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The NHS should apologise when medical accidents happen

Revised guidelines encourage openness about mistakes in NHS

Photo: istock

23 November 2009

The National reporting and Learning Service, part of the National Patient Safety Agency has reviewed and reissued the guidelines it originally produced in 2005 on communicating effectively with patients when things go wrong and has developed a new Being open framework. The new framework is a best practice guide for all healthcare staff, including boards, clinicians and PALS. It explains the principles behind Being open and outlines how to communicate with patients, their families and carers following harm.

Patient group, Action against Medical Accidents, welcomed the new guidance and said that it was very important for clinicians to be open, and that patients often felt much better if staff just owned up to mistakes and apologised.

This reflects the experience of the clinical negligence department at Leigh Day & Co. People who have been injured in a medical accident often feel that they are forced to turn to the law for some sort of remedy when a simple apology soon after the incident may have alleviated the need to get caught up in what can be a stressful and difficult process.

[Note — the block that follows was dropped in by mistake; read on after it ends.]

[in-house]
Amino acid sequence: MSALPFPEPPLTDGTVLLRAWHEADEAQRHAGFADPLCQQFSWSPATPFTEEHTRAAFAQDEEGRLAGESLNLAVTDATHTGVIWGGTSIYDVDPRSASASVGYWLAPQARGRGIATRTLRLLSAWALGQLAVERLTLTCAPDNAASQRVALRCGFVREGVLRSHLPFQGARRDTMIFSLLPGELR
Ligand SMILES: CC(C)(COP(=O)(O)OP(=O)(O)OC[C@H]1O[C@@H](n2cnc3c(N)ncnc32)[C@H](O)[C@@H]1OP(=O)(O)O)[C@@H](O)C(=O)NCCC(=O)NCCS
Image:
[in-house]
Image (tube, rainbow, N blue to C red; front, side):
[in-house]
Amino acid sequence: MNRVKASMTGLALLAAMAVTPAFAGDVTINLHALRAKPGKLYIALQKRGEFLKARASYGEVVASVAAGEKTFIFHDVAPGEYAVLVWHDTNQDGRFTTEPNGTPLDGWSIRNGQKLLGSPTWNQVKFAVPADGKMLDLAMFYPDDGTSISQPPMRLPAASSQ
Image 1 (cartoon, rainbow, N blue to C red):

The new guidelines encourage NHS boards to make a public commitment to openness, honesty and transparency. Research shows that an transparent culture about medical errors in other countries may even reduce the number of formal complaints and legal actions.

Russell Levy, head of the clinical negligence department at Leigh Day and Honorary Secretary of the Clinical Disputes Forum, said:

"It is high time that doctors understand how important it is to patients that doctors step down from their pedestals and speak frankly, with candour, and apologise when things go wrong. It simply adds insult to injury when patients face a wall of silence after a medical accident".

Information was correct at time of publishing. See terms and conditions for further details.

Information was correct at time of publishing. See terms and conditions for further details.

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